where the direction of the fast phase, defined as r2r1 (i.e., amplitude without absolute value), is used as a reference to calculate direction changes. The directionality biomarkers is expected to be positive in unidirectional spontaneous nystagmus, and negative in gaze-evoked nystagmus. Spontaneous and gaze-evoked nystagmus are heavily correlated with peripheral and central lesions respectively, and so directionality is expected to be an effective separator. However, central lesions can also present with spontaneous nystagmus and in these situations, other ocular motor or neurological features (e.g., head impulse test, severe truncal ataxia etc.) may be required to better identify the aetiology. Directionality is calculated three times using the average, minimum, and maximum measures of r2r1. Intensity differential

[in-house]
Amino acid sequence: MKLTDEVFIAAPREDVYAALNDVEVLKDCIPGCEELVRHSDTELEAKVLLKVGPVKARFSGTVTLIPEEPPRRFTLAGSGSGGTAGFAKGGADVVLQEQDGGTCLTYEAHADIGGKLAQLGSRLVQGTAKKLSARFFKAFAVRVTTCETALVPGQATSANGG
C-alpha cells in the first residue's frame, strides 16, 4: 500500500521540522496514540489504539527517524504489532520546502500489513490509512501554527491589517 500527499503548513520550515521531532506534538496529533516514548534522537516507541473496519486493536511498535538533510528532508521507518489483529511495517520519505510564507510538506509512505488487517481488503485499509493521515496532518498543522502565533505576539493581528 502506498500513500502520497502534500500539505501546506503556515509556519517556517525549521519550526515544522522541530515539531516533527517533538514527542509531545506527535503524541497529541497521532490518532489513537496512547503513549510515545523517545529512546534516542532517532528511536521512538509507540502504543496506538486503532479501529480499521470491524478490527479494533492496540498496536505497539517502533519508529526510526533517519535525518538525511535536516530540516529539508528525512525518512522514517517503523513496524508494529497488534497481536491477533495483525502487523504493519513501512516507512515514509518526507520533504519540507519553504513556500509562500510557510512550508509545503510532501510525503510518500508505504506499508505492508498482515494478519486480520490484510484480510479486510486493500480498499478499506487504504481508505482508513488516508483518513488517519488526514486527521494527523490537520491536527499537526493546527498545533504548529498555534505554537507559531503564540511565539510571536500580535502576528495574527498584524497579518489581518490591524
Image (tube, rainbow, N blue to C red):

The intensity differential biomarker, Idiff, evaluates variations in intensity between horizontally eccentric gaze tests. This biomarker is inspired by Alexander’s law, however removes the direction element—instead focusing purely on the nystagmus intensity of the eccentric gaze tests. The hypothesis being that a peripheral lesion, which obeys Alexander’s law, will have a greater delta of nystagmus intensity between dominant and weaker gaze tests than a central lesion (20). Although it is noted that intensity changes in the nystagmus can also be present in patients with central lesions (e.g., Bruns nystagmus), and in such cases this biomarker alone may be insufficient. Two versions of the biomarkers are proposed below, a difference (Equation 7) and ratio (Equation 8) of the dominant and weaker sides’ intensities: